Dark circles under the eyes can make you look older, tired and “under the weather.” Foundation, concealers and older remedies such as hemorrhoid cream can mask dark circles but are not permanent. Dark circles can be caused by environmental surroundings, lifestyle and habits, sun exposure and hereditary conditions. If you want to banish dark, under-eye circles, you need to make significant changes in your lifestyle and, in some cases, consult a doctor.
Get plenty of sleep every single night. Rest is possibly the most effective treatment for dark circles under the eyes. Get eight to 10 hours of quality sleep every night and avoid staying up late. When your body is well-rested, you will notice a significant improvement in your dark circles and overall skin tone.
Drink lots of water. The recommended quantity of water is eight 8 oz. glasses a day. Consume that amount and more, if possible. Drinking plenty of water helps flush your body of toxins and salt, which can reduce puffiness and skin discoloration. Being fully hydrated also makes your skin look fresh and healthy all over.
Get tested for allergies. According to the Mayo Clinic, allergies are a common cause of stubborn, dark circles and puffy bags under the eyes. Talk to your doctor about the possible allergens in your immediate environment and ask for an allergy test. If you are allergic to pet dander, pollen, mold or other common household allergens, these could be contributing to your dark circles.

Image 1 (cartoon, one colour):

Leave the city. This may not sound realistic, but neither is getting rid of dark circles “permanently.” If you really want to look refreshed year-round, regardless of the weather, polluted, urban air will not help you. Try to get as much fresh air as possible by taking weekend trips, if you must live in an urban environment.
Protect your eyes from the sun. Exposure to the sun’s UV rays increases melanin production in the skin, which causes tanning. Exposing the delicate skin around your eyes to the sun can darken the circles under your eyes. Wear large sunglasses during the day, regardless of how bright it is outside, to protect your eyes at all times.
Do not rub your eyes. The skin around your eyes is very thin and sensitive; excessive rubbing or wiping can cause irritation, puffiness and dark circles. If your eyes are itching or bothersome, rinse them with cool water instead of rubbing them with your hands.
Consider surgery. In some cases, dark circles under the eyes are hereditary or genetic and not much can be done to fix them in terms of changing routines or habits. If you have tried getting plenty of rest and changing your lifestyle but are still plagued with dark circles, consider a consultation with a dermatological surgeon to discuss laser treatment options.
References and ResourcesMayo Clinic: Dark Circles Under Eyes: Causes
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